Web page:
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Filoli is open Tuesday through Sunday from 10:00 am to 5:00 pm.

What’s Blooming

More Information
Centennial Clocktower
Filoli Centennial

Filoli celebrates 100 years with excursions, events, and exhibits.

Year of the Garden

Stories told of Filoli history, propagation, and planting.

Blooming Calendar
Blooming Calendar

Find out what’s blooming at Filoli from January to December.

Garden Information

Learn about Filoli plants and gardening practices—ask the experts.

Plant Highlights

Flowers are one of the most pronounced markers of the progression of time in a garden. Each week we scout the Garden for amazing blooms and feature our favorites here. Check back often to see what we have in store for your next visit to Filoli.

red-oakA typical winter daphne (Daphne odora 'Aureomarginata') in the garden this week: full of flowers and FULL of fragrance.

fall-treesThe first set of daffodil pots in full bloom this spring are 'Bantam' on the Northwest Terrace.

perennial-borderLovely flowers of Camellia reticulata 'Shot Silk' gently land in the Bourn-era bird bath in the Walled Garden.

cutting-gardenThe flowers of Magnolia denudata, an early spring variety, hang on the branches in all different directions, a trait particular to this species.

zinniasAfter my report of the Cornelian cherry (Cornus mas) blooming in the Yew Allée last week, many wanted to know where to find it. Here she is, in full bloom, adjacent to the path that bisects the Panel Garden. Cornelian cherry is a species that has small clusters of flowers, which create a haze of sulphur yellow in the otherwise bare branches. Unlike the eastern dogwood, this dogwood does not have the showy pink or white petal-like bracts.

zinniasAnother early flowering tree is the purple-leaf plum (Prunus ceracifera 'Atropurpurea') in the gateway from the Chartres to the Sunken Garden.

zinniasMore than a hint, but not much more, of what is to come in the Daffodil Meadow.

zinniasNature in action! A California newt lawing eggs in one of our ponds, in what is obviously a popular spot for egg laying. Note, also, the clusters of eggs that already have developed into premature, tailed newts (efts) nearing their release into the water.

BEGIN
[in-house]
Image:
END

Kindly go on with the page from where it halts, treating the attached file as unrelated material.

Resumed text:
Garden Happenings
Week of February 20– February 26, 2017

Centennial Celebration of the Garden
We have celebrated the land and we have celebrated the house. Now, it is time to celebrate the GARDEN! This final, and penultimate, centennial year will, hopefully, be the best our guests have ever experienced. Many exciting opportunities and experiences are planned for this year and we plan to have the garden looking smarter and more colorful than ever before.

Be sure to bookmark Filoli’s Centennial webpage, and check back for ticket sales and updates in the coming months.

New Plantings:
Filoli’s daffodil donor, who has promised to give $10K, over ten years, toward building, supporting and educating about all things related to this original and important collection, was able to have her 2016 gift matched, giving us $2000 to spend on daffodils. With the funds, we purchased 12,000 (total) ‘Carlton’ and ‘Dutch Master’ bulbs, which were planted along the roadway between the entry bridge and the parking lot. The flowers have begun to bloom, particularly in the sunny spots, and will continue to welcome guests in the coming weeks.

Plant Highlights:

January 2017, as many of you know, will go down in the record books. We received 16.24” of rain, our second wettest month in the 37 years we have kept weather records at Filoli. (As of 02/13/17, we have 39.54”, surpassing our seasonal average of 33.5” with still five more months of the season to go.)  And happily, the temperatures have been typical for our winter months. Therefore, the garden is on a much more normal bloom schedule, with much to unfold in coming months.

Late winter is definitely the time to enjoy the structure of the formal garden. Hedges are tightly clipped, fruit trees are expertly pruned, and the intricate layout of the Walled Garden is on full display. If you enjoy getting a feel for the “bones” of the garden’s design and an appreciation for what Bruce Porter, Arthur Brown, Jr., Bella Worn, the Bourns, and the Roths have created, the winter is the time to take in their collective vision and creativity.

Camellias-Camellias-Camellias!  For the most part, the camellias throughout the garden are absolutely stunning for opening week. Most of the Sasanquas still have some blooms, and the Japonicas loaded with flowers. The Recultatas are just beginning to bloom, including ‘Buddha’, ‘Shot Silk’, and ‘Captain Rawes’.